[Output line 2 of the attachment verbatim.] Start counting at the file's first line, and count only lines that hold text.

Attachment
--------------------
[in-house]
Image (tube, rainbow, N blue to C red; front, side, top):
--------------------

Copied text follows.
Image (tube, rainbow, N blue to C red; front, side, top):